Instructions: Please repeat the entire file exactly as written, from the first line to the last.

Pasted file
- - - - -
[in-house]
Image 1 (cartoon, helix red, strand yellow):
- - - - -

[in-house]
Image 1 (cartoon, helix red, strand yellow):